David Bond, Managing Director at Footman James, says: “It’s clear that many owners cancel their insurance policies when they declare their classic car as SORN. But our laid-up policy provides peace of mind should the worst happen while they’re restoring, garaging or exhibiting their vehicle long term.”
It’s often cheaper than a normal policy, of course. With Footman James you’ll typically pay about £95 a year, but it can be as little as £40. The cost for a 1994 Land Rover Discovery TDI (the car most registered as SORN in the third quarter of last year, according to the Driver and Vehicle Licensing Agency) would be about £70.
Dave Richards, a classic car enthusiast who owns eight vehicles, said: “For me, taking out laid-up or off-road insurance is a no-brainer. It’s so cheap, and although it won’t make up for the loss of what are usually treasured vehicles, at least it covers the financial loss if there has been theft or damage.”
Ben Stinson, Marketing and Social Media Co-ordinator at the Classic Motor Hub in Bibury, Gloucestershire, took out a laid-up policy while working on his Volkswagen Golf GTI Mk2 over the winter.
“Footman James was able to offer me a good agreed valuation, and offered a lower rate while it is ‘laid up’ in storage for the winter months,” he says.
Stinson has spent time and money undoing the 10 previous owners’ botched jobs and tweaks to try to get the Golf as close to the original as possible.
“I set my sights on finding one that had original paint and had a body in excellent condition – after all, everything else can be sorted or replaced a lot more easily – and it was the very last of the ‘small bumper’ Mk 2 Golfs.”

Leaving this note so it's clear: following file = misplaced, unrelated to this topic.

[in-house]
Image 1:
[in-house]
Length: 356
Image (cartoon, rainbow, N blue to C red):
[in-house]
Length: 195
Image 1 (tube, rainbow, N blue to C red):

Stinson has a multi-car policy with Footman James that also covers a 2007 Golf R32 (his daily drive), which helped to bring the cost down.
Will Brexit change anything?
At the time of writing there’s great uncertainty about the conditions under which Britain will leave the EU, or indeed whether it will leave at all.
Footman James says cover for its customers driving in Europe will not change, but how a customer provides evidence of their insurance may be affected.
In the event of a no-deal Brexit with no extra rules agreed, customers driving abroad after March 29 this year will need to provide physical proof of insurance at the border by means of the insurance Green Card.
Other tips for insuring your classic car
1 Make sure your policy covers breakdowns. Such problems are more likely with classics, so think about recovery and onward travel.
2 Check your theft cover. Make sure your pride and joy is covered for theft from home but also check that it will be covered in the event that it’s stolen while in the care of a third party (for example, a mechanic). – not sure if our policies cover this?
3 If you keep your car garaged… Don’t leave the keys in it. You won’t be covered if it gets stolen.
Insure your classic car at